Lawrence Road Fire Co. Chief Shaun Dlabik and Lawrenceville Fire Co. Assistant Chief Dave Burns were preparing to the enter the burning townhouse when they were knocked backward off the front porch by a sudden burst of smoke and fire that erupted out the front storm door simultaneously as the sliding glass doors at the rear of the home shattered from the heat and a blowtorch of flames shot out.
The two were not hurt. Minutes later, additional firefighters began advancing hoselines into the house, trying to fight their way through flames to get down the stairs leading to the rear den area when the most-intense concentration of fire was.
But the heat was so intense, firefighters said, that the lead hose team was not able to get very far down the stairs. They were still trying to move forward when, just before 12:20 a.m. according to the dispatch log, the beams supporting the second-floor kitchen burned away and the stove and other kitchen appliances crashed down to the exact area where the firefighters would have been had it not been so hot.
At that point, with conditions inside the home rapidly deteriorating, Wasko ordered all firefighters to evacuate the interior of the house and instead battle the flames from the exterior using multiple hoselines from the ground and from ladders.
The blaze was not declared under control until 1:50 a.m.
The Katlins’ home was destroyed. Minor damage was sustained to the attached townhouse, but the other six homes in the row of eight were not damaged.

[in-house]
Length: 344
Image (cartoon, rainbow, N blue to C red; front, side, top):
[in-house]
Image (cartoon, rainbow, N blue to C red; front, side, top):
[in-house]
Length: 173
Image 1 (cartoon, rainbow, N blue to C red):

The Katlins and their son were treated for minor smoke inhalation at Capital Health System’s hospital in Hopewell Township, while one firefighter who suffered minor burns while battling the blaze was treated at the scene.
Assisting Lawrence Township firefighters, police and emergency medical personnel at the fire scene were additional firefighters, EMS and support crews from Ewing, Hopewell Borough, Princeton, Trenton and East Windsor.
The fire on Featherbed Court is the second major fire to occur in Lawrence Township in recent weeks.
And just as in the Aug. 13 blaze on Fountayne Lane, where a smoke detector helped two people safely evacuate the burning home in time, a smoke detector was responsible for helping the Katlin family safely get out.
“Smoke detectors save lives,” Robbins said.
He said the investigation into the cause of the Featherbed Court blaze is continuing and involves his office, Lawrence Township police and the Mercer County Prosecutor’s Office. With regard to the Fountayne Lane incident, he said damage in that blaze was so significant that its cause remains undetermined.
- Aug. 13: “Blaze destroys Lawrence House, Damages Two Others”
- Aug. 14: “Fountayne Lanes Firefighter Response Times Reviewed”
- Aug. 15: “Investigators Suspect Leaking Natural Gas Fed Flames”
- Sept. 6: “Fast-Moving Fire Destroys Lawrence Twp. Townhouse”